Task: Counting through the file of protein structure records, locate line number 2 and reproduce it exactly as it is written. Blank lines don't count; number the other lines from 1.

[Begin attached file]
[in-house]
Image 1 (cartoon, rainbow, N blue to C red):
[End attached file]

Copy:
Image 1 (cartoon, rainbow, N blue to C red):